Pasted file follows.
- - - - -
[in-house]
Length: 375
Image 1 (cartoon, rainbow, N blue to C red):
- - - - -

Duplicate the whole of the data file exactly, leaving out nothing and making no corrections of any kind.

[in-house]
Length: 375
Image 1 (cartoon, rainbow, N blue to C red):